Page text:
Critiquing the Critic

I remember many years ago talking about writing with my mother.   She very carefully suggested that I find a ‘backup plan’.  She didn’t say this in a cruel way, but in a very worried tone.  I proceeded to haul my notebooks and pens into the closet, where I kept writing in secret.  However, I carry inside a critic who looks and sounds exactly like my mother.  She sits behind me and whispers to me that writing is futile, my writing is terrible, and then she proceeds to drop a crushing weight labelled ‘why bother’ on top of me.

Most of the time, especially the last two years dealing with radiation fallout, I find it next to impossible to crawl out from under that critic.  But sometimes I manage to take a healthier view and realize that a writer can learn from that internal critic.  If you can find a way to take only what you need to improve your craft, and leave behind all the personal insults, that inner critic can become a strength rather than a debilitating voice.  But, man, that’s hard.  Very hard.

Which brings me to a good friend who shall remain nameless here.  She struggles with an inner critic who is at least the size of mine, if not larger and heavier.  This inner critic lately has been relentless, and the result is that a few days ago she told me, through tears, that she is walking away from writing.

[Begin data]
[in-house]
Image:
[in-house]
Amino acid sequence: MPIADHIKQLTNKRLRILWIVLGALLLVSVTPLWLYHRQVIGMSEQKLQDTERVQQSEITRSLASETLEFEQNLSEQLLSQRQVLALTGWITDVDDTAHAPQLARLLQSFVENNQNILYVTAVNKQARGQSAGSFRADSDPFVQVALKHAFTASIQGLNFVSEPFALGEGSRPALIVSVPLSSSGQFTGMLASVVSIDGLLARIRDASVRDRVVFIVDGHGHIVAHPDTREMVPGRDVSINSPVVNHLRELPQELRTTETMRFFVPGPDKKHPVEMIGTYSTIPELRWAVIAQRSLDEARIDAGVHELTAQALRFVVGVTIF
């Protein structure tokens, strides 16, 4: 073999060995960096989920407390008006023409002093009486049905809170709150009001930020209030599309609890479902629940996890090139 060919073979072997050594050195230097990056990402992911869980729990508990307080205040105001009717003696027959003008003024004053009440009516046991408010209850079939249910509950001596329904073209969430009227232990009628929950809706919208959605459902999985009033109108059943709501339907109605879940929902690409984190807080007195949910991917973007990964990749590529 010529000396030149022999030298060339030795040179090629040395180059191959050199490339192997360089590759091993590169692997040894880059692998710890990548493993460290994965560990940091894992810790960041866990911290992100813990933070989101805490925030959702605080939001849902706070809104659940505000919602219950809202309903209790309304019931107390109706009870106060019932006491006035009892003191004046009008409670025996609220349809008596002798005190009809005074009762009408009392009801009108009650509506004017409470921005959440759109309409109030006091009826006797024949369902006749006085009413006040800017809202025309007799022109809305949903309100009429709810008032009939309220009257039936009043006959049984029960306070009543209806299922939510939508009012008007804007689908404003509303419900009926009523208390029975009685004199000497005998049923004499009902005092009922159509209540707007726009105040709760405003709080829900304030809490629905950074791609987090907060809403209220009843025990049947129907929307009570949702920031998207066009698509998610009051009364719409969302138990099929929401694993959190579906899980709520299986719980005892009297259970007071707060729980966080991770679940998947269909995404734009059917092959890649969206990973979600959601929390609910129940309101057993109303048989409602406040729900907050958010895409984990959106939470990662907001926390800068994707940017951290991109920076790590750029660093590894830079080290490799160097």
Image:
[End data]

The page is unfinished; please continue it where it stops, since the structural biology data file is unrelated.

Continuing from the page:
Now, I’ve tried to do that, too.  And I know others who have.  Because writing is damn hard.  Those who don’t write probably don’t understand how hard it can be, but trust me, it is.  What usually happens is that you leave writing, and then over a space of time, days, weeks, months, a tiny little movement starts inside.  Words just stirring ever so slightly in there, like a tiny leaf floating and circling gently in a tiny track of water.  After more days, weeks, months, the leaf starts to swirl, the track of water becomes a stream, and is followed by the realization that the stories are there, and you can’t walk away because they go with you.

I’m hoping this abandonment of part of my friend’s soul is temporary, like it has been for other writers.  But she sounds pretty serious and the pain is so strong.  If she comes back to writing, it’s going to be a long, long time.  And during that vacuum of no words, the rest of us will have lost something because her writing is so strong and so powerful.  If only that inner critic of hers would shut up or die, if only she would believe me when I tell her that the critic is lying.

But for now, her river of stories has been so  flooded with tears that the words have sunk to the bottom.

If I could commit murder on those amorphous inner critics I would.  But for now I’m in mourning.

3 thoughts on “Critiquing the Critic

  1. We both know that over time, with graceful movements; what sinks to the bottom of the ocean (or river) someday will be washed ashore and given new life as. . . .a beautiful, one of a kind agate! 🙂

  2. So sad and I hope you will be true and we will not lose her as a wonderful writer. Remember to send me what you told me about.
    Oh, and the way you wrote about your friend…nobody could picture it better! Whatever you sell me for not writing…you are, just like your friend writing every time to put a pen to paper, just look at these words!! I am convinced especailly after what we talked about last, that there is no way of totally losing the “ability” to write. And with that I mean that it is always in you and a part of who you are, so dont let her deny who she is please. I am sure she is a wonderful person!!
    Oh and Sabrinas poem…wonderful!!! And the last line, too funny. The whole poem fits perfectly in the picture I have of her.
    Jenni

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